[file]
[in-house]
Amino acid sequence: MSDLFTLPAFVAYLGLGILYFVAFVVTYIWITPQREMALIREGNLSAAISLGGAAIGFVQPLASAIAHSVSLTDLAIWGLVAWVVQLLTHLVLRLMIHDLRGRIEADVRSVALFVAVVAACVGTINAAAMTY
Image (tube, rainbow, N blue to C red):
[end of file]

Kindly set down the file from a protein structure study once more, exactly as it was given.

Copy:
[in-house]
Amino acid sequence: MSDLFTLPAFVAYLGLGILYFVAFVVTYIWITPQREMALIREGNLSAAISLGGAAIGFVQPLASAIAHSVSLTDLAIWGLVAWVVQLLTHLVLRLMIHDLRGRIEADVRSVALFVAVVAACVGTINAAAMTY
Image (tube, rainbow, N blue to C red):